Rand Golletz Performance Systems
Executive Coaching and Personal Consulting for Tough-Minded Leaders.

Articles for Leadership » The Real Deal

Joe Maddon’s Lessons In Authentic Leadership

Note From Rand

A month left before Labor Day. I’m at a point in my life at which it feels like I have breakfast every fifteen minutes. I look in the mirror, and I still feel like I look as I did when I was thirty … until I look at a photo of myself at that age. My birthday is in four weeks. Someone PLEASE send me some spackle for my face. But I digress …

This month’s column is about Joe Maddon. Joe is the low-key and cerebral manager of MLB’s Chicago Cubs. Among baseball people, he is known to march to his own drummer. When I was a corporate executive, people said that about me. I like quirky rule-breakers. Joe certainly is one. You’ll enjoy learning how his approach to his job and his life can be instructive for you.

Until next month and as always: Get real, get tough, and get going!

Joe Maddon’s Lessons In Authentic Leadership

Joe Maddon looks like Clark Kent with white hair. He’s played tambourine and sung backup with Jimmy Buffet. Joe didn’t become a major league manager until he had been a minor league manager and major league position and bench coach for decades. When he interviewed for the Boston Red Sox job over a decade ago, he was passed over by Sox GM Theo Epstein, who selected Terry Francona. It proved to be a wise decision by Epstein. Francona led the Red Sox to two World Series championships in 2004 and 2007. They hadn’t previously won one since 1918

Maddon went on to become the Manager of the Tampa Bay Rays in 2006. During the next eight years, the Rays became and remained a serious contender, despite having a payroll that was among the lowest in baseball and fan support in the Tampa/St. Petersburg region that was tepid, at best.

Fast forward to 2014. Theo Epstein had gone on to become the General Manager of the Chicago Cubs. They hadn’t gone to the World Series since 1945 and hadn’t won one since 1908. He vividly remembered his discussion with Maddon over a decade earlier: his self-confidence, his humility, his belief that players win ball games, not managers, and his quirky sense of humor. Per Epstein: “Comparing Joe now (2014) to when I interviewed him a decade ago, his confidence has reached a new level because he has done it, and it has worked.” Epstein continued: “He knows he can connect. He knows that all he has to do is be himself and he can lead and he can win. That’s why we feel he’s our long-term fit as a leader.”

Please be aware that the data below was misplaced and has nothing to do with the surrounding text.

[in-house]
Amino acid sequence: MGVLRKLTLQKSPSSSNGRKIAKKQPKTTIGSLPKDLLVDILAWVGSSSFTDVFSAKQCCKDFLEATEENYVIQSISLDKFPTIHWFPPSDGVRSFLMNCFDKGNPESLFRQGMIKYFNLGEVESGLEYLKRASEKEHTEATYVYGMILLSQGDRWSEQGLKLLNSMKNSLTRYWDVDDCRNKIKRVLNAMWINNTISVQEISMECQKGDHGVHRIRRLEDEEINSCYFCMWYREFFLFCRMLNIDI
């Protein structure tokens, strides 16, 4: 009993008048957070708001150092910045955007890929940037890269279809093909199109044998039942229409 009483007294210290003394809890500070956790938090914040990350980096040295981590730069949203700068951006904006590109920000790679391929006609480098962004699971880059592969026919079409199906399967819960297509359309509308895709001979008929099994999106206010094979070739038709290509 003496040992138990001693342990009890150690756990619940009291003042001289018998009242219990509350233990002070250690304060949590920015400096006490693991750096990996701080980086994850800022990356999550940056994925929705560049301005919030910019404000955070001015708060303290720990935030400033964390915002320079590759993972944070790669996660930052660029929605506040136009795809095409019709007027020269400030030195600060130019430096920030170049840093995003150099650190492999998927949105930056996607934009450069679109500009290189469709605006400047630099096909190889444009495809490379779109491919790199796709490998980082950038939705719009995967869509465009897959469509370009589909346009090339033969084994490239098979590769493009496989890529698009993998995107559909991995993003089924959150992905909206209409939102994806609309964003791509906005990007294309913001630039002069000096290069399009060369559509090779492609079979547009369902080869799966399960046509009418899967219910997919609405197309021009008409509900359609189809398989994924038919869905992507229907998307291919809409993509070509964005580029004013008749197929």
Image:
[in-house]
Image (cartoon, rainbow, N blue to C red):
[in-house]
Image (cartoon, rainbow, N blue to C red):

The prior three paragraphs are the “what.” Here’s the “so what:”

• The Cubs are in a position to win their Division and are recognized as one of the best-led teams in baseball.

• When he took over Tampa Bay, Joe had to have a lot of tough conversations with players who were not as good as they thought they were. He delivered those messages in a very direct but modulated way. His tone never overwhelmed his message. He demonstrated that you can be tough-minded without being a jerk. Many leaders only deliver difficult messages with an accompaniment of yelling, threatening, and fist-pounding. Those leaders are either unaware that their message gets lost, or they are less concerned with effective impact than they are about being perceived as “the man.”

• Continuing with the last point, when Joe delivered those messages, the receiver would often whine to teammates. Virtually always, those teammates turned a deaf ear, instead supporting their manager. Joe had built credibility that enabled his PERFORMERS to manage the locker room. His words: ” … when the fans are looking for a definition as to why I let the players handle it, why the clubhouse is so important, why you have to have leadership within the clubhouse (among the players), it’s because when you do, these little pockets looking for allies in a negative sense, they get blown up immediately by the guys. I’m pretty sure that we have that now where the negative component cannot prosper because the guys in the clubhouse get it.”